Afterglow Pt. 02
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I’m not John Grisham, and I’m not a lawyer, but I did my best. And I’ve made some edits thanks to some wonderfully observant and knowledgeable readers. Thanks.
Chapter V: Let’s Explode
“Are you fucking kidding me right now, Steve?”
Steve—my best contact on the police force and a very good friend—shrugged and shook his head sympathetically.
“It’s a federal offense. I highly advise you to let me file the charge and get him him arrested.”
“I’ll lose the case,” I said, more like a question.
He nodded. “You’ll lose the case. If you file a restraining order, or make a formal complaint, the judge will make you hand over the case to someone else. You’ll be considered too biased and involved, and you know that, and they’ll consider it too dangerous. They’ll likely dismiss your charge against him if you give them a fight. You have no witnesses. They might think you’re drumming up drama to make the judge prejudicial.” He sighed and rubbed his face, clearly exhausted.
“Why would I make something like that up?! I could be disbarred if they found out I was lying. He threatened me! Stuck a gun in my ribs! And you’re telling me that if I make a complaint, I’ll lose the case? How the fuck can he get away with this? This should automatically put him behind bars.”
He got up from the table and glanced out of the window of his office, watching the chaos of different criminals getting booked. “He doesn’t have to get away with this. I already told you what I’d do if I were you. I’d drop the case and file a restraining order, and let me arrest him.” He glanced at me over his shoulder. “C’mon, Liz. Let someone else handle this one.”
“Oh, like someone stronger. You mean a man?” I sneered. Steve shot me a dirty look. “I can’t drop the case, Steve. That’s what the little shit wants.”
“Better to be safe than sorry. This is a nasty one and he’s not going to stop, unfortunately. Seen too many like him.”
I sighed and rested my elbows on the table, dropping my head into my hands. “If I let this case go, it’ll ruin my career. Roger will never give me a case like this ever again. I’ll spin my wheels for eternity. They’ll think I’m being dramatic, weak. They’ll never trust me with something like this again.”
Steve came over and put his hand on my shoulder. “If you let this go, you might not have a career either way.”
I slammed my hand on the table. “Fuck! I’m not letting him win. This is such bullshit. Maybe if I explain to Roger…”
But I knew I couldn’t do that. As much as I respected Roger, and as much as I suspected he respected me, his view of me would change somehow. I wouldn’t be the girl who fought tooth and nail to be viewed equal and tough. I would be the little girl crying to her father.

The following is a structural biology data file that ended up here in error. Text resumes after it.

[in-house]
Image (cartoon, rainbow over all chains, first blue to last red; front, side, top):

“Whatever you decide to do, call me day or night. You’ve got my cell. I’ll put a cop on your block, okay?”
“Okay.” I thought of Olivia, who’d been so worried and held me as I shook in the bathroom of the bar. “Can you put one on the block of my…friend?”
Steve’s smile was slow and kind. “Sure.”
It was nearly ten by the time I got down to the subway. I waited anxiously, desperate for a hot shower and my soft bed. And seeing Toronto was always a mood lifter.
I couldn’t stop looking over my shoulder, or analyzing men who got too close. Especially when I couldn’t make out their faces. Something about being stuck in this filthy, piss-stinking narrow space was putting me on edge. Was that asshole somewhere nearby? Did he know I went to the cops? I shuddered.
A train on the other side of the tracks whizzed by, deafening and fast. I took a step back and my heel wobbled. I was off kilter, and I felt incredibly vulnerable. Exposed. Violated.
I tried to focus on the intricate piece of graffiti on the cement pole next to me, but it was a swirl of expressions like “glory” “liberty” “pussies more more pussies”. I recognized a few gang references and it only served to make my goosebumps raise higher from my body, almost painfully. I rested against the pole and closed my eyes.
A guy’s elbow knocked against mine. I looked over at him and he was staring, a little creepy smile curving his lips. His teeth were yellow and he smelled heavily of cigarette smoke.
Really, this wasn’t too strange an occurrence. But tonight I took about ten large steps away and pulled out my cell, eager to do something other than panic. We were all so lulled into a strange and false security that, if we had our cell on us and pretended to be invested on whatever was on the screen, we were safe.
I had a dozen texts from Olivia, all different variations of her asking if I was okay.
And of course I had a missed call from my mother.